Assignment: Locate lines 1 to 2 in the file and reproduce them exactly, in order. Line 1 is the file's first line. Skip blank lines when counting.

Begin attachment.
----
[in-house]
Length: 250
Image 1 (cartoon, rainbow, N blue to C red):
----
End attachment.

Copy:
[in-house]
Length: 250